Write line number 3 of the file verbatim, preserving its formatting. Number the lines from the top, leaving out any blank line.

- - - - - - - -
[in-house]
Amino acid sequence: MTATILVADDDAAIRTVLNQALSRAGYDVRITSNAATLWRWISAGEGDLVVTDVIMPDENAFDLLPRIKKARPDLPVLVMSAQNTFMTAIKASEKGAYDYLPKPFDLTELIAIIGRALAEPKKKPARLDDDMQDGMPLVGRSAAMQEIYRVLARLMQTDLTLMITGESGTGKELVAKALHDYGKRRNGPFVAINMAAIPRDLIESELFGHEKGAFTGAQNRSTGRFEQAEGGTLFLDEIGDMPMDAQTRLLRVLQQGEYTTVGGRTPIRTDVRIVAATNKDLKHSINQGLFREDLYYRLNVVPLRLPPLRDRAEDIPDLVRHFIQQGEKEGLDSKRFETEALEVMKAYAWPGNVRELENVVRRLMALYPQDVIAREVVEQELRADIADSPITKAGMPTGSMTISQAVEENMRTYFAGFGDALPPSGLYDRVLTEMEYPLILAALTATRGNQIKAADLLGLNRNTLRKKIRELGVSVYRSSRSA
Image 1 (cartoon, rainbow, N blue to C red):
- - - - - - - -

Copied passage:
Image 1 (cartoon, rainbow, N blue to C red):